She emphasized the importance of having the right priorities.
“You have to realize adoption is not about the fulfillment of your desire for a child,” she added. “It is about doing what is best for a child and making yourself available for a mother to choose you to parent her child and God to entrust the child to you.”
Stimpson Chapman stressed that the joys of adoption are similar to the joys of regular parenthood.
“You get a baby, you get a beautiful baby who’s the image of God, and who’s been entrusted to you and that stretches you and shapes you and grows your love,” she described.
Adoptive parents, she said, sometimes learn certain lessons faster than other parents.
“No matter if you give birth to a child or adopt a child, that child is not your own,” she said. “That child is God’s. They have their own decisions to make and their own path to walk. They are not going to be another mini you.”
Stimpson Chapman shared her advice for couples who are considering adoption, beginning by researching and educating themselves.
“Talk to adoptive parents,” she recommended. “Talk to, if you can, birth mothers and adult adoptees.”
For those struggling with infertility, she encouraged them to seek healing.
“You’ve got to do some healing work before you move on to adoption,” she said. “It doesn’t mean you’re not going to be sad about not having been pregnant by the time you move on to adoption, but you can’t see adoption as a lesser choice or a secondary choice.”
Instead, she said, couples need to see adoption as an invitation to love in a unique way — a gift.
She also shared ways to support families that adopt children.
“If people you know are adopting and they’re having a fundraiser, contribute to the fundraiser. If they’re not having a fundraiser, see if you can throw one for them,” she said, citing the high cost of adoptions.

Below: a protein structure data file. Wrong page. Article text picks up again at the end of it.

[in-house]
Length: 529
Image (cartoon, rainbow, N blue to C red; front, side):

Small things help, from meals to gift cards for Uber or other rideshare services, especially in the many cases where the families need to travel for their new child.
People should also be sensitive with how they approach the topic of adoption.
“Just being respectful,” Stimpson Chapman said. “Don’t ask questions in front of the child about the adoption if you can avoid it.”
People should never ask the children “Why didn’t your birth mother want you?” or “Is she your real mom?” or ask the parent “Are these your real children?”
Stimpson Chapman ended by urging the importance of compassion for and awareness of the brokenness of adoption.
“Adoption is wonderful,” she said. “But there’s only a need for adoption because we live in a broken world and adoption always starts in brokenness.”
“If you’re entering into it after struggling from infertility, there’s brokenness in you,” she explained. “There is brokenness in the birth parents who would not be placing their child if they were not in a difficult place. And there’s brokenness in the child who’s separated from their mother.”
“God has been so good,” she concluded, “to bring such beauty out of the brokenness of all of our situations.”